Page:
WHAT WAR WITH KOREA LOOKS LIKE:

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WHAT WAR WITH KOREA LOOKS LIKE:

Postby Bruce Patrick Brychek » Sat Jul 22, 2017 2:08 am

07.22.2017:

Dear JFK Murder Solved Forum Members and Readers:

OPERATION NORTHWOODS MAKES ME DOUBT EVERYTHING ABOUT ANY U.S. ALLEGED WAR.

THE HYPED-UP PHONY SCAM TO REMOVE FIDEL CASTRO, WHO OUTLIVED SEVERAL PRESIDENT's AND SEVERAL CIA
DIRECTOR's, 90 MILES OFF OF THE COAST OF FLORIDA, IS PERHAPS THE GREATEST INTELLIGENCE-MILITARY INDUSTRIAL
CORPORATION CHARADE OF ALL TIMES IN MY OPINION.

THEN OF COURSE WE HAVE VIET NAM, LAOS, AND CAMBODIA POLICE ACTIONS, WHICH WERE NEVER DECLARED WARS,
SO ESSENTIAL TO STOP THE DOMINO THEORY FOR THE ADVANCEMENT OF COMMUNISM. HOW DID THAT TURN OUT ?

NOW THE 16+ YEAR WAR IN AFGHANISTAN AND PAKISTAN THAT AT BEST IS A DRAW, ACCORDING TO U.S. COMMANDERS.

BUT CERTAINLY MY FAVORITE IS THE U.S. HOMELAND WAR ON DRUGS WHICH IS NOW APPROACHING ITS 4TH DECADE,
WITH NO BEGINNING GAME, NO MIDDLE GAME, AND CERTAINLY NO END GAME IN SIGHT.

NEED DRUGS OR WEAPONS ? ASK ANY JUNIOR HIGH SCHOOL STUENT, HIGH SCHOOL STUDENT, OR COLLEGE STUDENT
YOU KNOW. YOU WON'T HAVE TO ASK MANY.

THE DONALD TRUMP AND VLADIMIR PUTIN RUNNING JOKE GROWS EXPONENTIALLY DAILY. MANY IN THE MAIN STREAM
MEDIA DECLARE THAT THIS IS BIGGER THAN WATERGATE. "We the People..." STILL HAVEN'T BEEN TOLD THE REAL TRUTH
ABOUT WATERGATE.

AND NOW WAR WITH NORTH KOREA LOOMING ON THE HORIZON.

WHAT IS THE TRUTH ?

THE TRUTH IS WHAT "We the People..." ARE TOLD THE TRUTH IS.

THE REMOVALS OF JFK, MX, MLK, AND RFK, THE OKLAHOMA BOMBING, 09.11.2001, FALSE FLAGS, etc., "We the People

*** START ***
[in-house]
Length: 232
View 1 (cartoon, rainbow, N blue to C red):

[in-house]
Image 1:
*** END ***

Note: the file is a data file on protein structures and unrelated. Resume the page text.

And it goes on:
..." HAVE BEEN TOLD WHAT THE TRUTH IS, THE WHOLE TRUTH, AND NOTHING BUT THE TRUTH.

RIGHT ? (07.21.2017, BB).

WHAT WAR WITH KOREA LOOKS LIKE:
Bill Powell, Newsweek 17 hours ago

The batteries of North Korean artillery lie just on the other side of the divided peninsula’s demilitarized zone. There are
thousands of them—some hidden, others out in the open. Artillery shells are stored in an elaborate network of tunnels;
and though much of the weaponry and ammunition is old, U.S. forces stationed in South Korea have no doubt they
would be effective.

Less than 40 miles to the south is the sprawling city of Seoul, the capital of South Korea, with a metropolitan area of
24 million inhabitants. Ever since a cease-fire ended hostilities between North and South Korea in 1953, the residents
of Seoul have lived with the knowledge that a war with their brethren in the north could break out again; it is a notion
not often acknowledged but embedded in their DNA. And now, again, the fraught Korean Peninsula seems a single
miscalculation away from calamity. Since his election, President Donald Trump and his foreign policy team have
escalated their rhetoric about the North, insisting that U.S. patience with North Korea’s nuclear and missile program
has run out. Pyongyang has responded with rhetoric even more bellicose than usual. On April 20, a state-owned
newspaper threatened that Pyongyang would deliver a “super-mighty pre-emptive strike’’ against the U.S., whose
forces were in the midst of massive military exercises with their South Korean ally.

No one in Seoul is heading for the bomb shelters yet. Pragmatism, and an abiding assumption that nothing terribly bad
will actually happen, prevails. “No matter how much tensions increase, we just go about our lives,” says Park Chung Hee,
a 40-year-old businessman whose grandfather was killed in the Korean War. “What else can we do?” But everyone living
on the peninsula knows that those North Korean artillery batteries are there to pummel Seoul if another war breaks out.